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#include '../template.wml'

#include "toc_div.wml"

<latemp_subject "Homepage vs. Blog" />
<latemp_meta_desc "Explains the distinction between a homepage (or homesite) and a blog, and why this site is not a blog" />
<latemp_more_keywords "HTML, Homesite, Homepage, Home, Blog, Weblog, Tags, Categories, RSS" />

<h2 id="about">About this Document</h2>

<p>
This documents explains the distinction between a homepage (or homesite) and
a blog and why <a href="$(ROOT)">this site</a> is not a blog. It is adapted
from <a href="http://allium.zgp.org/pipermail/linux-elitists/2007-April/011919.html">this
post to the Linux-Elitists mailing list</a>.
</p>

<toc_div />

<h2 id="meta">Document Information</h2>

<dl class="meta">
<dt>
Written By:
</dt>
<dd>
<a href="http://www.shlomifish.org/">Shlomi Fish</a>
</dd>
<dt>
Finish Date:
</dt>
<dd>
28-April-2007
</dd>
<dt>
Last Updated:
</dt>
<dd>
28-April-2007
</dd>
</dl>

<h3 id="licence">Licence</h3>

<cc_by_british_blurb year="2007" />

<h2 id="itself">The Article Itself</h2>

<p>
As you may know since the Internet boom circa 1996, many people started their
own personal web sites. These sites  were called “homepages”, or later-on
“homesites” (which is the word that I prefer because homepage is just one
page).
</p>

<p>
Now, <a href="http://en.wikipedia.org/wiki/Blog">blogs</a> were a later
phenomenon. What a blog (also known as “public  journal”, “weblog”, etc) is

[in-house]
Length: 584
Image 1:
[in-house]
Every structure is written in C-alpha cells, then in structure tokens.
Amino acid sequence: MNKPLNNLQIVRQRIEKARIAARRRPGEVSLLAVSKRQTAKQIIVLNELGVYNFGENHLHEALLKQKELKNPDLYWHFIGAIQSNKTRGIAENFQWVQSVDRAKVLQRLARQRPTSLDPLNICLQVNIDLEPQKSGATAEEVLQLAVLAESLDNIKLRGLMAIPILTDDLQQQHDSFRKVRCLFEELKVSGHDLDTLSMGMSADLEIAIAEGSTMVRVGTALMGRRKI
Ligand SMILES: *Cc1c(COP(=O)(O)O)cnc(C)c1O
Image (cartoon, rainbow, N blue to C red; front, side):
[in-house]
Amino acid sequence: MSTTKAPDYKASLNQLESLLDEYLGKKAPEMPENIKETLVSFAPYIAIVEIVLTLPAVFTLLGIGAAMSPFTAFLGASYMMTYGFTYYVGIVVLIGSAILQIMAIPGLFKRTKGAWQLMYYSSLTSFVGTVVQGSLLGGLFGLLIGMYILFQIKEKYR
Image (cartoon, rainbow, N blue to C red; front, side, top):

is:
</p>

<ol>

<li>
A stream of posts on various topics, ordered by date.
</li>

<li>
Usually has <a href="http://en.wikipedia.org/wiki/Web_feed">a web feed</a>.
</li>

<li>
Should have comments. I
<a href="http://shlomif.livejournal.com/11085.html">left
Advogato</a> due to this reason among others.
</li>

<li>
Normally either personal, random or dedicated to a certain topic.
</li>

<li>
Usually flat and non-hierarchical. At most has tags.
</li>

</ol>

<p>
Now my homesite on the other hand, and several other homesites as well is:
</p>

<ol>

<li>
Organised in a tree (“About myself”, “Humour”, “Puzzles”, “Computer Art”,
“Software”, etc.). The categories contain many resources not commonly present
in a blog, and there for people to browse and see.
</li>

<li>
Has a central navigation menu and sub-navigation menus. Most blogs are flat
or at most have tags which are completely different.
</li>

<li>
Has many resources that are not normally present in blogs. How many times
have you seen a full 10,000-words-long story posted to a blog? Or pages that
only contain links.
</li>

<li>
Many of the pages there are constantly updated. A blog entry normally
remains mostly static after a while, while the pages of my homesite are
very dynamic.
</li>

<li>
There are no comments in any of the pages. It’s a static HTML site. Had it
been a blog, I would have made sure to give a nested comments facility. I
admit that I often post a notice about them to mailing lists, news sites, web
forums, etc. But they are not blog entries.
</li>

</ol>

<p>
Now, I do have <a href="$(ROOT)/me/blogs/">some weblogs</a> and write in
them often. But my home site is a completely different and much more impressive
beast.
</p>

<p>
I realise there has lately been an inflation of those practically-all-blog
home sites using Movable Type, WordPress, or their likes. Normally, the blogger
maintains the front page of the site as a blog, and adds a page or two about
other things. I personally always look down on such sites.
</p>